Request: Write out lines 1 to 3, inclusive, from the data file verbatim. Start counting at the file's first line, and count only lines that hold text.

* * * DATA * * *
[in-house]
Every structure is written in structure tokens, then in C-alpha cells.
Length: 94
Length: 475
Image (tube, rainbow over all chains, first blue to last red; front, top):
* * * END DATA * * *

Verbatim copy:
[in-house]
Every structure is written in structure tokens, then in C-alpha cells.
Length: 94